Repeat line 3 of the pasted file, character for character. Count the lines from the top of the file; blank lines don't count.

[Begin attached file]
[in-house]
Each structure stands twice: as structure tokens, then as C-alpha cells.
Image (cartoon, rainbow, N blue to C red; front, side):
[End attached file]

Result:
Image (cartoon, rainbow, N blue to C red; front, side):